Just before Halloween this year, The Circle, the gay movie that is Switzerland’s official submission for a Best Foreign Picture Oscar Nomination, was being screened in Kiev’s iconic theatre Cinema Zhovten as part of on an LGBT Film Series.
Anti-LGBT protests, and the burning of pride flags took place outside, but during the next screening the theatre was set on fire with over 100 people inside and it burned down to the ground. Remarkably no casualties were reported.
Ernst Ostertag (one of the stars of the film) spoke out in regard to the fire in Kiev:
“Although the fire at the cinema in Kiev has been extinguished, the big hope is that the fire goes on burning in the minds and hearts of ever so many people in Ukraine and outside.”
I was lucky enough to be invited by Kathy Wolfe of Wolfe Video to review the film at the press screening at San Francisco’s Embarcadero Cinema. This film is a fascinating glimpse into gay life in 1950s Zurich. This important film provides a critical history lesson and stuck with me long after the screening. The story includes interviews with the real couple who are portrayed in the film. They are absolutely adorable and this film is so well done, you will likely leave the theater enchanted as I did. Yes, its technically its a ‘Gay Men’s’ love story. But its an important part of our collective history as Gays and Lesbians and its definitely well worth seeing.
“With so many political gains in the past few years, it is essential that we remember our past gay history and struggles. We should take nothing for granted – ever. Wolfe Video is exceedingly proud to be releasing this important dramatization of the most prominent 1950s European secret gay society, The Circle.”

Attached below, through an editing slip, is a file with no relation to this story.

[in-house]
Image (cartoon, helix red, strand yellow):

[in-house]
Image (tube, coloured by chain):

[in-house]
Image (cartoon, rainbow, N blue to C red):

Founder, Wolfe Video
Synopsis: “Founded in the early 1940s, the network around the magazine ‘Der Kreis’ (’The Circle’) was the only gay organisation to survive the Nazi regime. It blossomed during the post-war years into an internationally renowned underground club. Legendary masked balls at the Theater am Neumarkt in Zurich provided 800 visitors from all over Europe with a secret and safe space to act out their ‘otherness’ in a self-determined way. It is there that timid teacher Ernst Ostertag falls in love with drag star Röbi Rapp. Ernst searches for a way to fight for his gayness to be accepted as normal outside the boundaries of ‘The Circle’ network without losing his employment as a teacher. Röbi champions the joint fruition of their love. Following a murder in the gay community, violent repression against gay people also endangers ‘The Circle’ network.” [Berlinale]
Go see this film!